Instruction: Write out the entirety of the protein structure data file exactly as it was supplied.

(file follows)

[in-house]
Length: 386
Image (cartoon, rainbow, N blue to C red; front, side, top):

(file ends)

[in-house]
Length: 386
Image (cartoon, rainbow, N blue to C red; front, side, top):